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The Exhaust Intermediary: Tacoma Mid-Pipes

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Shop Tacoma Mid-Pipes

A mid-pipe might not be the most exciting aspect of your Tacoma's exhaust system, but it is a key element to both sound and performance. The size of the pipes, the way they're routed, and if they have catalytic converters or not will all affect sound and horsepower. That being said, they're a very adaptable part, so if you're looking at that sweet side exit system, the proper mid-pipe will make everything work properly.

Tacoma Mid-Pipes >

Upgrading your mid-pipe can be a great way to improve your Tacoma’s performance and sound. This setup will remove the secondary catalytic converters on the V6 models. On the 4-cylinder models, the secondary converter, or both converters, can be eliminated. While this is perfect for off-road use, there are some issues with using these systems on the road.

What is a Mid-Pipe?

A mid-pipe is the exhaust pipe that is positioned between the exhaust manifold(s) and the muffler. It is in the middle of the exhaust system, hence the name mid-pipe.

Depending on the application, the mid pipe can contain a few different elements. 
The first design is just plain tubing, containing nothing else. The mid-pipe can also contain resonator(s), or even secondary catalytic converters. The mid-pipe can also have flanges(s) on one or both ends, that bolt to complementary flanges in the system. Some also have fittings for an oxygen sensor.

Differences between Tacoma V6 and 4 Cylinder Mid-pipes

The mid-pipe on a 4-cylinder equipped Tacoma is a single pipe connecting between the exhaust manifold and the muffler. The mid-pipe contains both the primary and the secondary catalytic converters.

The mid-pipe on a V6 engine truck is y-shaped. The front has two separate input flanges to connect to the exhaust manifold on each side, or bank, of the engine.

The two pipes merge into a single pipe to connect to the single muffler. The two secondary catalytic converters are incorporated into the mid-pipe, prior to the merge point.

Tacoma Dual Side Exit System Mid-pipes

Dual side exit exhaust systems are designed to work hand in hand with the factory mid-pipe. As long as the aftermarket mid-pipe is designed to bolt to the factory exhaust system, it will bolt up directly to any cat-back exhaust system.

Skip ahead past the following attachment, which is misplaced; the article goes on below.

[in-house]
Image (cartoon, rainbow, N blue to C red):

The major difference with the side-exit exhaust system is that the pipe between the end of the mid-pipe and the muffler inlet will be much shorter than that of a rear-exit exhaust system.

Tacoma Mid-Pipe Diameter and Why it Matters

The proper exhaust pipe diameter is crucial to your engine’s operation. When dealing with pipe diameter, there are two things to consider: backpressure and flow velocity.

Backpressure is the amount of atmospheric pressure pushing back through the exhaust system. If the piping is too small, there will be too much backpressure in the exhaust system. 

This will result in the exhaust gases not being able to escape the engine fast enough. Too much backpressure will cause the exhaust gases that are not able to escape fast enough to contaminate the cool air-fuel mixture entering the engine on the next cycle. This will reduce horsepower.

If you increase the pipe diameter, it will increase flow velocity. Flow velocity is how fast the exhaust flows out of the engine and through the pipe. By increasing flow velocity, it helps to pull the exhaust from the engine, as well as helping to pull the air-fuel mixture into the engine. This increases power and performance.

If you increase the pipe diameter too much, backpressure will be nearly eliminated, and flow velocity will be excessively increased. The result is the exhaust escaping too fast, and pulling some of the air-fuel mixture out through the exhaust. That creates extra pollution escaping the exhaust and reduced power.

The general rule for proper backpressure and flow velocity is 1 inch of exhaust tubing diameter per 100 horsepower. Therefore, if your engine is producing 300 horsepower, you would need 3 inches in diameter of exhaust pipe. The proper piping diameter can be obtained by a single 3-inch pipe, or dual 1 ½-inch pipes.

Tacoma Catalytic Converter Location and Performance Options

On 4-cylinder model Tacomas, both the primary and secondary catalytic converters are located in the mid-pipe assembly. With aftermarket mid-pipes, you can either eliminate the secondary converter or both converters.

You may also replace one or both converters with high flow units. If you decide to eliminate both converters, you will need some additional hardware to fool the oxygen sensors. Without these extras, the check engine light will remain illuminated on the dash.

On the V6 trucks, the two secondary converters are located in the mid-pipe, while the primary converters are built into the exhaust manifolds. An aftermarket mid-pipe can facilitate removing the secondary converters completely and adding resonators, or replacing them with high-flow units. These pipes have bungs to screw the oxygen sensors into them. This will allow the system to be utilized without having the check engine light illuminated.

If you are completely removing ANY catalytic converter, you should consider the consequences. These setups are designed for off-road use only. Removal of any catalytic converter can render your vehicle not valid for inspection in states that have a safety and/or emissions inspection program.

Fitment includes: 2005, 2006, 2007, 2008, 2009, 2010, 2011, 2012, 2013, 2014, 2015, 2016, 2017, 2018, 2019, Pre-Runner, X-Runner, SR, SR-5, TRD-Sport, TRD-Off-Road, Limited, TRD-Pro
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